Sirius+ combines placido disk topography with Scheimpﬂug tomography of the anterior segment providing information on pachymetry, elevation, curvature and dioptric power of both corneal surfaces over a diameter of 12 mm. All biometric measurements of the anterior chamber are calculated using up to 100 HR corneal sections. Measurement speed reduces the effect of eye movement producing a high quality accurate measurement.
In addition to the clinical diagnosis of the anterior segment the most common uses are: refractive and cataract surgery, an IOL calculation module is available.
Objective examinations provide an accurate measurment of pupil diameter in scotopic, mesopic and photopic conditions.
- Keratoconous screening
- Glaucoma screening
- IOL Calculation Module (optional)
- Intrastromal Rings
- Corneal aberrometry
Antares is a fully featured multi-functional corneal topographer. Antares has dedictaed software designed to help in the detection and analysis of Dry Eye. The topography function provides information about the curvature, elevation and refractive power of the cornea. It also provides many parameters to aid in the diagnosis and monitoring of the corneal surface.
- Corneal Topography
- Contact lens fitting with Autofit
- Advanced tear film analysis with white light (Tearscope)
- Dynamic view of non-invasive break-up time
- Blue light for fluo images
- Keratoconus screening with classification
- Meibomiam Glands analysis including classification
POLARIS is an eccessory for slit lamps, for the advanced analysis of the tear-film. It can be mounted on every brand slit lamp. It can be used throuhg the Phoenix software, or simply through the microscope.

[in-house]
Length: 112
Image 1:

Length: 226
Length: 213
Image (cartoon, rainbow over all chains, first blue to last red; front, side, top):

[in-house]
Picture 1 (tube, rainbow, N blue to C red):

Polaris enables interferometric examination of the lipid layer of the tear film. The biomicroscope must be focused on the tear film, while the diffused light image projected by Polaris remains out of focus. Depending on its thickness and regularity, the lipid layer may appear like any of the following: amorphous structure, marble appearance, wavy appearance, yellow, brown, blue or reddish interference fringes. The following figures show some interferometric images.
Polaris can also be used to assess the regularity of the corneal profile. By inserting the specific grids inside the internal cylinder of the instrument, a series of concentric rings is projected onto the cornea thus performing a keratoscopy. If the corneal surface is regular, the concentric rings will all be at the same distance. Any irregularities in the surface of the cornea will result in irregularities of the reflected image.